Options to Stop a Wage Garnishment


Options to Stop a Wage Garnishment

Wage garnishment occurs when a judgment creditor obtains a court order authorizing your employer to withhold and send a certain percentage of your wages to satisfy a debt. If a creditor wins a money judgment against you, and you subsequently don’t resolve the debt proactively, the creditor can obtain a garnishment writ which essentially takes money directly from your paycheck. To many people, wage garnishment is a very intimidating phenomenon, and something they’d like to avoid whenever possible. If you receive notice that you will be subject to a wage garnishment order, you need to know that you have options to deal with this problem. Here are a few options for stopping a garnishment.

1. File a Claim of Exemption

One option you have is to file something referred to as a “claim of exemption.” An exemption basically allows you to protect a certain portion of your wages and shield it from garnishment. Your wages are protected at the federal level – creditors cannot garnish more than 25% of your “disposable earnings” – but state level exemptions can help to protect even more of your income. The State of Florida has its own garnishment exemptions which you can invoke under different circumstances. You could qualify for exemption from garnishment if you are head of household providing support to a dependent child, or if your only income is from social security or disability income. There are other financial categories that also may qualify you for exemption from garnishment. Still, it is important to note that a claim of exemption won’t necessarily eliminate a garnishment but it may lessen the amount eligible for withholding for a creditor.

2. File Chapter 7 or Chapter 13

Another method you can use to stop a wage garnishment is file either Chapter 7 or Chapter 13 bankruptcy. In a Chapter 7 case, you’ll receive an automatic stay, which temporarily stops a garnishment while the case is handled. Then, if the debt is eligible for discharge, the garnishment will be eliminated if the discharge is granted. In a Chapter 13 case, you will also receive an automatic stay, but the underlying debt will need to be restructured in a payment plan. This means that you will need to find a way to arrange for payment, but according to a plan which is suitable to your situation. In either case, you can effectively defeat a garnishment with a bankruptcy.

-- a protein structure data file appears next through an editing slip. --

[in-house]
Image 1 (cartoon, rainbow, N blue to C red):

3. Quit / Change Jobs

This may not be the most practicable solution for many people, but remember that you can stop a wage garnishment by simply leaving your employer. Your wage garnishment can only take effect if the creditor (and the local authorities) knows your place of employment. If a creditor finds your place of employment, you can at least temporarily stop a garnishment by gaining employment elsewhere. Of course, the garnishment can resurface as soon as your new employment is discovered. But this can momentarily stop the garnishment for a certain period of time.

4. Post-Judgment Settlement

Many people think that a money judgment obtained in court isn’t subject to settlement any longer. This is definitely not the case. A money judgment obtained in court simply means that a judge (and the court) officially recognizes the debt and can authorize certain actions to recover the debt. In reality, the creditor still has the burden of collecting the money. This is why many people are considered “judgment-proof,” because they lack the means to satisfy the debt. Given that the creditor has the burden to collect, many creditors are willing to enter a post-judgment settlement, which means that they will negotiate a payoff of the debt for below its face value. If a person faces a garnishment, this can be one method to stop it, because the creditor may be willing to accept a lump sum which is lower than the current total owed.

Contact Financial Freedom Advocates for More Information

If you’d like to learn more, or need assistance, contact Financial Freedom Advocates today by calling 786-668-6688.
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